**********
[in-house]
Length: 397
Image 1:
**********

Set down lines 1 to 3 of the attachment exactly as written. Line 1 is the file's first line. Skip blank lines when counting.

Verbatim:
[in-house]
Length: 397
Image 1: